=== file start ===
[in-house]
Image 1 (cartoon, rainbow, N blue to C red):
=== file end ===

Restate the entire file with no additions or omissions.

[in-house]
Image 1 (cartoon, rainbow, N blue to C red):